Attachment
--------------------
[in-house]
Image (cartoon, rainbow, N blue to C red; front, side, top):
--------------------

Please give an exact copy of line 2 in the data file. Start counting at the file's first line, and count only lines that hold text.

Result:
Image (cartoon, rainbow, N blue to C red; front, side, top):